The National Association of Counties (NACo) response to the COVID19 pandemic includes building and updating various website resources for the nation’s county governments to utilize and working with the federal government to provide swift action and relief. Listed below is a quick look at what action NACO is currently taking, it is not a comprehensive list. For more detailed information on the information below please visit the dedicated webpage for COVID-19 by NACo.
- NACo has launched a specific COVID-19 resource section on their website.
- Almost all the state association of counties have built resource pages for their state.
- NACo is cataloging all of the state and county disaster declarations and they are available by right-clicking on the County Explorer page to see the declaration and date.
- These declarations can assist counties with language and serve as a boilerplate for best practices.
- NACo has also included information on their federal advocacy efforts for the federal aid packages.
NACo is currently working on the following federal advocacy efforts:
- Requesting that the 3rd aid package include more testing equipment and personal protective equipment.
- More clarification on FEMA assistance; additional funding.
- Stressing the importance of county behavioral health services that were already stretched and may be exacerbated by the current situation.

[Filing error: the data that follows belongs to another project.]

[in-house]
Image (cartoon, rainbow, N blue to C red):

- Calling on Health & Human Services to delay the match requirements for the non-federal share of Medicaid and nutrition programs for children and the elderly.
- Stressed the importance of the Department of Labor waiving requirements on pensions so counties can bring back retirees if needed for resources.
- Requesting assistance with funding for municipal bonds and the ability to redeploy some revenue for immediate needs.
Tips for Federal Aid
- Most federal funding flows form the federal government to the state and then to the local level.
- Counties need to be working with your state association, community partners, Health & Human Services, and the Center for Disease Control to access funds.
- If you are involved in Medicaid, please work with your health agencies on the cost and reimbursement for counties.
- Currently, the largest source for reimbursement is through the FEMA Disaster Relief Fund – FEMA Public Assistance Program.
- Health & Human Services and FEMA are currently evaluating what is eligible and how it is determined under the Stafford Act which governs FEMA Programs, which have traditionally focused on disasters, but is eligible for pandemic types of emergencies.
- Counties who have been through disasters know how critical it is to document and have vast experience on lessons learned. NACo can also help connect you to those with more experience.
- You must have appropriate financial controls to segregate and document your expenses related to the emergency declarations.
Cyber Security Attacks
- There has been an increase in cybersecurity attacks.
- The Department of Health & Human Services was hacked on Twitter with false information proclaiming a national government lockdown.
- Counties must work with employees and their IT departments to be on guard for fake emails, false information, etc. especially while working remotely.